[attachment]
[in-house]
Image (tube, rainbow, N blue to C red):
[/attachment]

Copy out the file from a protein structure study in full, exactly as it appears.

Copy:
[in-house]
Image (tube, rainbow, N blue to C red):